This could be the week for Kasey Kahne. (Photo by Rusty Jarrett/HHP for Chevy Racing)

This could be the week for Kasey Kahne. (Photo by Rusty Jarrett/HHP for Chevy Racing)

For instance, this year NASCAR, being ruled by France, after all, has moved from a revised English system of justice to one more based on the Napoleonic Code.

Let’s see. There was Napoleon Bonaparte France. Then there was Napoleon Jr. Now there’s Brian Zoroaster France.

If that’s not the truth, it ought to be.

In other words, violations have been codified, allegedly, meaning that drivers, teams, crew chiefs, owners – anything but, God forbid, sponsors – can be punished for receiving two “written warnings.” NASCAR officials who used to defend their strange decisions by saying each case would be considered on an individual basis, without factoring in past actions, are now pulling those dreaded “permanent records” we all thought we escaped with the completion of high school.

Sometimes it seems the Soup Nazi is running things.

“You! Go to the back of the line!”

“No practice for you! … But, hey, you be good boy, maybe I let you go on track after 15 minutes, no? How’s about you think before you talk next time!”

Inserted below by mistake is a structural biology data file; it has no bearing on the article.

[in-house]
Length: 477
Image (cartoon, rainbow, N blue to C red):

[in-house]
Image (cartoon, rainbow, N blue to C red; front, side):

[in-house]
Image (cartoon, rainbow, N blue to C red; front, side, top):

What hasn’t changed is that NASCAR officials still set their trial balloons loose, see if they fly, and then, if they don’t actually fly very well, they can say what they technically did was fly even if only briefly, like Howard Hughes managing to get the Spruce Goose off the surface of the water for a few exciting seconds.

This week’s trial balloon is the notion that NASCAR may change the rules for one race, the one in Kentucky next month. Previous balloons in this extravaganza were: (1.) Wait till you see our new rules package! (2.) This rules package is pretty good, but the real changes are going to be next year! (3.) Maybe we’ll just keep these rules next year! and (4.) We may just test next year’s rules this year!

The reason for the fourth balloon is that the first three were greeted with various synonyms of “Bullshit!”